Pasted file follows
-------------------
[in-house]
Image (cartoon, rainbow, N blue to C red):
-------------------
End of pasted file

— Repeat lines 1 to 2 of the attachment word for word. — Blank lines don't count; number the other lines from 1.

[in-house]
Image (cartoon, rainbow, N blue to C red):